People go to a doctor with a simple goal: I have something that hurts. Make it stop hurting. Long range thinking adds the question, How can I prevent this from hurting again. Very few people are interested in where the hurt came from.
Orman and the others focus on problem solving at the margin. People define a single problem or question (Can I afford to buy this new item?). Suze tells them yes or no. Generally, people are happy with a short, sweet and actionable answer.
As far as cost, well, I don't see how we compete with the authors you mention. No matter how you slice it, there are only 24 hours in a day, and 8-10 in a work day. It's really not a feasible business model to spend 2,4,6,8+ hours for $50 to help someone. Lawyers don't do it. CPAs don't do it. Doctors don't do it.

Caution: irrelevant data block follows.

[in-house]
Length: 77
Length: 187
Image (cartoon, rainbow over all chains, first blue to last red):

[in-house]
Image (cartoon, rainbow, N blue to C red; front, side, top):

If all 60,000 CFPs write a book, will more than 120,000 people, in aggregate, read those books? Can we all hire Suze's publicist?
If we all volunteer to teach Dave Ramsey classes, that may be admirable an honorable, but Dave Ramsey still gets paid and we do not. Charity and altruism don't pay the bills.
At the end of the day I think the problem is that we don't teach our kids how to handle money. Maybe we should be focusing on teaching personal finance in the schools. And I mean having professionals teach, not 23 year old college grads or 50 year old career academics who think the government should be our nanny. It's harder to teach an old dog new tricks. We need to teach them as puppies.
Saving and investing are activities done by HUMANS. Money management is not a math problem. It is a motivation problem.
People in this field need to stop studying tables of numbers and start studying people, in my assessment.